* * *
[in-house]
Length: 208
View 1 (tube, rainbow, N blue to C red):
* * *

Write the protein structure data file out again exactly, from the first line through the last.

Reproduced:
[in-house]
Length: 208
View 1 (tube, rainbow, N blue to C red):